Ultimately, the child needs to see that he/she is encouraged by positive affirmations that he/she can and will surmount the negative habit. The bond that is formed when the child sees that he/she is part of a team is also a precious benefit that arises from working to eliminate the bad habit. Finally, sharing with the child any bad habits that the parent had in childhood also reinforces to the child that he/she is not alone. Isn't that the greatest lesson to be learned?

Dr. Nahida M.Mulla.M.D.
Vice Principal,
Professor of Repertory,
PG Guide,
HOD of Paediatric OPD.
A.M.Shaikh Homoeopathic Medical College, Hospital & PG Research Centre Belgaum – 590010 (Karnataka)

Mobile: 09448814660.

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Building self confidence in children
Build self confidence & self-esteem in your children:
Simple ways to build your child’s self confidence and esteem for a happier child and better parent/child relationships.
All Parents want their children to be confident. Reassurance is something we are all aware of as a parental tool to build confidence, but there are other techniques you can utilize to help build your children’s confidence level. There are three simple, yet very important things to remember:
# 1. Praise.
Praise your children daily on a job well done, or a situation you observe them handling appropriately. Let them know that you approve, and why. When your youngest child colors a nice picture and is eager to show it to you, be sure to praise them. But, also be sure to pick out a singular aspect of the picture to comment on. This tells even the youngest of children that you are interested in what they have accomplished. Praise should go beyond your acknowledgement of the piece of art; it should say to the child that you have paid attention to the details in the picture as well. With this method of praising, and singling out particular reasons a child’s confidence can soar.
# 2. Reliability and Consistency.
Children of all ages not only want to know, but need to know that they can depend on their parents or guardians to be consistent. If you have set rules for a specific dinnertime, be consistent. Do not let the teenager (or any member) of your household upset a family routine or set rule due to a preference, such as eating at friend’s house at the last minute, or being late for dinner due to a game. While there will always be exceptions to this practice, if you are consistent in any given family situation or rule your children will know they can rely on you. Although this strategy might not be popular in your home at first, your family will eventually accept and expect certain rules. They will learn to respect your decisions through your dependability as well. Through the child’s confidence in you his own confidence grows.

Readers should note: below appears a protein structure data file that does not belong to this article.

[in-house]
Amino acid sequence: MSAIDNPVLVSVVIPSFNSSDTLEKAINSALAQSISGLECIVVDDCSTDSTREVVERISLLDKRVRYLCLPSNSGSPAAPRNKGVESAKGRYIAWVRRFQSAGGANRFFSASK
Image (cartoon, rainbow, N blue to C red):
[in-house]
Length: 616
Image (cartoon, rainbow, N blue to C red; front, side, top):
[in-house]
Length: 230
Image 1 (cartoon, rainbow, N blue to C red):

# 3. Trust
Trust, as we all know is “earned”. You can and should start building trust between you and your children as early as toddler hood. Nothing builds confidence in humans like trust. Be sure to remain consistent (as mentioned above) when you allow your children to venture forth in new areas. It is not always easy for a parent to feel sure of their children’s abilities, albeit a new bike, or riding that bike to the neighborhood store. Start with small and realistic steps that are agreed upon and carried out. Each success is the essential ingredient to building trust between child and parent.
Building self esteem in kids:
A child’s self esteem is one of the single most important things you can help your child to develop. A good self esteem helps a child to be confident, try new things, get along well with other children, do well in school and countless other things. The way a child feels about himself affects nearly every aspect of his life and children look to adults to learn about who they are. If a child is ignored, for example, he will feel unimportant and will act out in either two ways, he will behave badly to attract attention to himself or he will fade into the woodwork, believing that he is not important enough for anyone to take notice of him. Both examples show evidence of low self esteem.
If you want to build good self esteem in your child, you need to start when they are babies. Children begin to learn about themselves from the very beginning and if you start out right, the rest will be easy. Talk to your baby and praise her often, even for tiny victories like learning to drink from a cup, give your baby applause and let her know she is spectacular. When children see that they can accomplish things it boosts their esteem, especially if it is noticed and praised by adults.